I am noticing things I need to do some research on: .png files not showing up correctly in Safari, some ASP pages don't behave correctly under Safari or Firefox, editor doesn't have all the options in Safari, have to convert old exchange to mbox then import into mail to import finally into entourage.

I will keep you updated as the machines joins my family of 9 other pcs. We counted them at lunch today.

Oh it already made a friend in my wife. I took my son's first soccer game, edited it with iMovie, and then burned it to DVD with titles using iDVD (5 copies, grandparents, and a dear friend, and of course a copy for mom and dad) all in about an hour. It made up for my sudden infatuation with a piece of warm aluminum.

Friday, April 29, 2005

Standing in the middle of Apple's Tiger Extravaganza

So i managed to get in the door within only about 15 minutes of it's release here in Colorado. Unfortunately I will not be going home with Tiger. I filled my paperwork out and mailed faxed it in this morning. I figure sometime next week I will see my copy of Tiger show up in the mailbox. Overall I think this release will be the one everyone talks about as the main reason they finally made the "switch". It is one of the final factors in why I decided to make the move. The IBM laptop will be made into a dual boot redhat/xp machine this weekend, and I will be a fulltime Mac user. Ahh the fun of belonging to a new cult.

Monday, April 25, 2005

Musings from Mars: Of Course Macs Are More Expensive... Aren't They?

This is a great article. When people start to take this into account and really understand what they are getting, things might change....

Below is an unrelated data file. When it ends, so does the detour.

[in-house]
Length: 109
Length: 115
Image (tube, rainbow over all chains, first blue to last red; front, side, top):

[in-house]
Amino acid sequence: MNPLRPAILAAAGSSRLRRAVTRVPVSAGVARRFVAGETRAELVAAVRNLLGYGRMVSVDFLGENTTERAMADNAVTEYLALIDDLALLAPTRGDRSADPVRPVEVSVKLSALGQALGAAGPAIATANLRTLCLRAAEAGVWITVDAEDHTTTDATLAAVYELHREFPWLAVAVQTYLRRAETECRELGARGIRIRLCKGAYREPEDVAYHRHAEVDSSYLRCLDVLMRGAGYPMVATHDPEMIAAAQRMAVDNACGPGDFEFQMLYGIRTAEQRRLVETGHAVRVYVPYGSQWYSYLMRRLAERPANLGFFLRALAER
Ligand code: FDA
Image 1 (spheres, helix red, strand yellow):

Redfaced professor made up scary story

The story just keeps getting better. As reports of the professors' threats circulated, we all waited with bated breath to only discover the thief could care less and there was very little reality to the whole story. Ah come on - nothing was real, darn it - here you had as all waiting for the Fed's to come swooping in, raiding a dorm on campus, turning up some ring of laptop thieves who stole professors notes to sell on the black market to people that actually cared what their professors were saying in the first place or in reality just wanted the easy A that was guaranteed by having a copy of the test and answers.

Penguins Not Harassed by DIA Security

Two flightless birds manage to get through security and catch their flight yet I have to stay and be interviewed every time. Next time I am wearing my tuxedo to the airport, maybe then I can cruise right through then.

Then again the birds have friends in high places, well on the tail of Frontier planes I saw some penguins. Wonder if they are related?

Scobleizer: Microsoft Geek Blogger